Trippy night at the trough
Youre going to hate me so you might as well get it out of your system. Thats right, just rip out this page, slap it on the dart board and wreak your revenge. And why should you treat me and my work with such disdain? Simple Ive just been sticking my snout in your rates money. Yum yum. And how did I manage that? Well, a little mate of mine on a certain local council (whom I shall refer to as Chucky the Spraypainter), invited me to that councils annual Christmas party. I couldnt refuse such a wonderful chance to slip on my old safari suit, don my Dunstan hot pink shorts and my red Che Guevara beret, and tuck into some delectable free chow and a couple of stiff drinks at the publics expense.
Of course I did struggle with my conscience for a few microseconds before I enthusiastically agreed. Life is like sport you have to take your chances when they come.
Strangely, as I recall, the actual event was nothing like Id expected. I got there early to avail myself of the bar, but to my surprise the whole council were sitting down in a lecture hall while this strange guy in a white lab coat was holding court like some kind of arch wizard. In front of The Alchemist there was a long white plastic table. Laid out on the sterile table top was an amazing array of pipes, filters, Bunsen burners and pyrex beakers. At one end of the table The Alchemist poured a rank, cow-soiled fluid into the pipe.
The murky fluid travelled slowly through the apparatus, stopping occasionally in a storage vessel as The Alchemist added a pinch of this powder and cup of that detergent, and the fluid moved on along the piping, growing clearer and clearer as it went. We all sat spellbound as he wove his magic. Finally, at the end of this solemn ritual, an amazing tan-coloured juice trickled out a thin funnel and into a large beaker. Slowly the final sediment settled, leaving a milky, almost transparent, water... yes, water! The Alchemist proudly lifted the glass and in haloed tones proclaimed it The Source the new water supply for Lismore. It was passed around and we each sniffed it in turn. It smelt, but not obnoxiously so. Then the Alchemist braced himself and took a sip, spat and smiled.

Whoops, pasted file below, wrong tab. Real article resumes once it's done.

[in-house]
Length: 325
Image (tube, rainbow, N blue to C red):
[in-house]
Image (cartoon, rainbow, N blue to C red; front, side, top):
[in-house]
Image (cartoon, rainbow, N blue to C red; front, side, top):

Its only fair, he said. If were going to ask the populous to drink this stuff then we should do so as well. Then, like a kind of sacrament, he passed the beaker around once again. They all took a sip, spat and managed a tight, strained smile, except for Chucky the Spraypainter. Chucky was not so keen.
Why cant we just make sure every house has a tank? Chucky enquired. There was the odd cough and people looked around nervously. The Alchemist broke the uneasy silence.
There are a host of reasons why that wont work. In any case tank water isnt safe. Go on, have a sip its fine and salable.
No way, Chucky said. Here, would you drink it? Chucky asked, thrusting it into my hand. I looked up at the hypnotic eyes of The Alchemist and took a slug and swallowed. Their was a collective gasp. Spit it out! Chucky cried, but it was too late. Id swallowed. The Alchemist laid a reassuring hand on my shoulder and muttered something about it being better boiled as everybody else moved slowly away. They ordered dinner in hushed tones casting furtive, concerned glances in my direction. Slowly as the night went on I began to turn a pale shade of green. Everybody was very kind about it, often running off to get me a bucket, or the odd glass of antiseptic Cabernet Sauvignon. I dont remember now, its all a blur.
Trippy gear that Source. At one stage I thought I was just sitting in a regular restaurant in a plain purple shirt and black slacks playing animal trivia. How absurd as if that would have happened?!
In the morning it all came back to me the apparatus, The Alchemist, and The Source.
I felt dreadful and staggered to the sink to pour myself a glass of water. It was clear, fresh and untainted by any odour. I sipped and swallowed, relishing the smooth, cold feeling of the pure liquid rushing down my throat. I looked out at our rainwater tank and smiled. Magic does happen.